Jonathan Papelbon: The Red Sox closer was fined $5,000 by MLB for a pacing violation during his outing Tuesday. (His 2009 salary is $6.25 million.) He said he’s been fined at least five times for taking too long at the start of an inning.
“Game pace, pace of game, or something like that,” Papelbon told the Boston Globe and WEEI.com. “I don’t know why they keep coming after me. It’s probably because I’m not doing what I’m supposed to be doing. I’m not obeying the rules. You’re allowed (two minutes, 25 seconds), and I’m taking too long.”
Remember when Theo Epstein said his closer “isn’t a Rhodes scholar, obviously?” That was funny.
Jay Alford: The Giants defensive lineman is gone for the season after partially tearing his ACL. That’s a shame. Why? Because he went to Atlanta during the offseason to work his tail off with Osi and was going to be a big contributor this season. And he’s a Nittany Lion.
Giants in the house!
The NY Giants are in the house! Tom Coughlin, soon headed to Iraq with a couple of other NFL coaches to visit our troops, brought his team on a field trip to Yankee Stadium following today’s two mandatory minicamp practices. “Team bonding,” Coughlin said with a smile. His players were smiling because the mandatory minicamp ends tomorrow morning. Which means it’s time for summer vacation!
The players said they hadn’t eaten since 10:30 am. No wonder they practically ran from Monument Park to the Legends Suite where a feast awaited them.
Osi, who looks terrific, said he went through both practices and was tired but felt great. Although some football players, most notably Trent Edwards of the Bills when we were in Toronto, can look good taking BP, Shaun O’Hara said there’s no way he could hit a major-league fastball. And Justin Tuck is a big Giants fan who brought his father to the old Stadium last year and was happy to be at the new Stadium for the second time.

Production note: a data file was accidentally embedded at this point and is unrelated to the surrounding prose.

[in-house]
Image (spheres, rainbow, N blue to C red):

And we met the newest Penn Stater to join the Giants – Maurice Evans of Brooklyn. We always root for Nittany Lions.
Eli just left the booth after talking with Kay and Flaherty during the third inning. Eli said Peyton just happened to be in the area and came to the game. It’s funny watching the Manning brothers talk; Eli still looks like the younger brother but he doesn’t seem like the little brother anymore. If you know what we mean.
Xavier Nady: He’s frustrated as heck to still be on the DL but plans to play the outfield for four innings Friday in an extended spring game. Before BP, Nady was taking ground balls in right from Robby Thomson and throwing to second – where the manager was manning the bag. “Maybe there was a little more intensity (than Tuesday’s workout) with Girardi out there,” Nady said, smiling.
Jose Molina: We’ll air a feature on Sunday’s pregame about the Molina family coping with their loss of its patriarch, Benjamin Molina, on Sunday’s pregame. This might seem self-serving, but it’s worth a look.
Derek Jeter: Knowing Jeter, he’ll be back tomorrow. But if he can’t play, Girardi knows he has to have Jeter back by Friday, giving the inflexibility in other spots on the roster as the Yankees head to interleague play in National League parks.
Pete Abraham: He says we’ll do another chat soon. And he says we’ll spice it up a bit. To which we say: Bring.It.On.
Your turn: We STILL cannot find Tino. But how does this sound? Let’s do an “Innerview” for Batting Practice Today presented by Audi” with YOUR questions. First, we have to decide on the subject. So, in the comment section, let us know who you’d like to “innerview” and what your question would be. The player mentioned most often will be asked to join us to answer YOUR questions. Do you like that idea?